During the scaling phase, I often use a moisturizer with collagen and hyaluronic acid (for example, Dr Lewinn’s Ultra R4 Collagen Surge Plumping Gel – read my detailed review) to keep my skin moisturized and provide the raw material needed for healing the skin barrier. If I find that the skin is way too dry, I also apply NIOD Hydration Vaccine to protect from moisture loss. I go into detail in my review here.
Don’t use steroid creams if at all possible. And if you do, make sure you don’t apply it to close to your lips. Accidentally ingesting steroid cream can be even more detrimental than antifungal cream.
I go into a deep dive on SD treatment here.
What are the complications of seborrheic dermatitis around the mouth?
Perioral seborrheic dermatitis may not be life-threatening but it can certainly cause a lot of mental, emotional and physical angst.
During the inflammed phase, your mouth and chin area can be itchy, red and weepy. You feel self-conscious, your self-esteem plummets and you imagine people are focusing on your rash instead of what you have to say. I encourage you to accept it and ignore tactless people but if you want to learn how to cover up your SD rash, read Makeup for seborrheic dermatitis: How to make yourself look beautiful.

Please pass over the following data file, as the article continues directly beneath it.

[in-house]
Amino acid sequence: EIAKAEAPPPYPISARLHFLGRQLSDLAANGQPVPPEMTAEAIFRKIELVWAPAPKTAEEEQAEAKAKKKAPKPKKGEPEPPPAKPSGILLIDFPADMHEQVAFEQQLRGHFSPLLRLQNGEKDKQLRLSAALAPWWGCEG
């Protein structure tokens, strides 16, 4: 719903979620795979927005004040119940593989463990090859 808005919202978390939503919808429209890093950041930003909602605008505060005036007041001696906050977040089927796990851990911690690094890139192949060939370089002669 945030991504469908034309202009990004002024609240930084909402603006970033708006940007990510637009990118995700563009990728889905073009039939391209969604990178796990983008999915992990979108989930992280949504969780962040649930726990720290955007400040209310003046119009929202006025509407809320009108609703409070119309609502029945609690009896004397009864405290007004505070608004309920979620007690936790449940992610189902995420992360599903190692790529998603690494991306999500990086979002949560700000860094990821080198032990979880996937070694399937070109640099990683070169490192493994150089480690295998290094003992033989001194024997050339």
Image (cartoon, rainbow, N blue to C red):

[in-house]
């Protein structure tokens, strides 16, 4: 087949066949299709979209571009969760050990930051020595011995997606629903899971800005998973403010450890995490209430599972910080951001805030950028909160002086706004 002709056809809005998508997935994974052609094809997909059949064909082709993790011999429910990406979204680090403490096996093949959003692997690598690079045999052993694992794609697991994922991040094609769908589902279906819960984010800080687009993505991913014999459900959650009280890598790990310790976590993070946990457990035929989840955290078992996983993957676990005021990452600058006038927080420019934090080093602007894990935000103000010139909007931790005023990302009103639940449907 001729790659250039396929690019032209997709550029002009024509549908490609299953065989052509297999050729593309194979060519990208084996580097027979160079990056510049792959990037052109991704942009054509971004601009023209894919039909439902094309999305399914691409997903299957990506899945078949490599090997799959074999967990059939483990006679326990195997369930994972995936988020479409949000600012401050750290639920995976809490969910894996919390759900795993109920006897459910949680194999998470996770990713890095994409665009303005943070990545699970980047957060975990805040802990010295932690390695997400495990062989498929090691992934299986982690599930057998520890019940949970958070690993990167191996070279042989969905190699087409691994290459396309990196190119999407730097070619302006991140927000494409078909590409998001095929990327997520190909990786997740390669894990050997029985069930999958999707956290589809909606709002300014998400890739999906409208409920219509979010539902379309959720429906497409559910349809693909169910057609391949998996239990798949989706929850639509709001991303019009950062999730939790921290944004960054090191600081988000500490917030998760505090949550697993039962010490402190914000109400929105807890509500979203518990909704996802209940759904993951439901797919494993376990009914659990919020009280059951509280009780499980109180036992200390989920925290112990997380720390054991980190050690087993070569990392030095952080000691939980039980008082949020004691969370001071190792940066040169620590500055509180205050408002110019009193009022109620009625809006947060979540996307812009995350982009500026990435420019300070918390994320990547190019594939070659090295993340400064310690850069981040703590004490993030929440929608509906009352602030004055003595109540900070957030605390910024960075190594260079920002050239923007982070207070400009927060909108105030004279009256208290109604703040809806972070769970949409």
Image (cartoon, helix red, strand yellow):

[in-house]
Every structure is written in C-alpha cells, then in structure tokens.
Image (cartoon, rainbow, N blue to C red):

When your rash starts scaling and your skin becomes tight, that’s when the pain happens. Your skin can be so tight and dry that fissures can happen around your lips. It can hurt everytime you eat or talk. Thankfully, applying a rich moisturizer and a hydrating lip balm multiple times in the day can help with this.
Can you use lipstick with perioral seborrheic dermatitis?
As seborrheic dermatitis doesn’t affect your lips, you’re free to use any lipstick you want. However, the outer parts of your lips may be dry. A hydrating, moisturizing lipstick or lipbalm can do wonders in this case.
Also, you may have small fissures and cracks around your mouth. If that was the case, use a lipliner to prevent bleed lines.
To wrap up
While perioral seborrheic dermatitis may be embarassing and painful, there are plenty of ways you can help the situation. The key is to keep the skin around your mouth moisturized and protected.